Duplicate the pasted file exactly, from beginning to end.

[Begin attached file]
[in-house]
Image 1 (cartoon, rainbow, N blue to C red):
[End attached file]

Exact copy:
[in-house]
Image 1 (cartoon, rainbow, N blue to C red):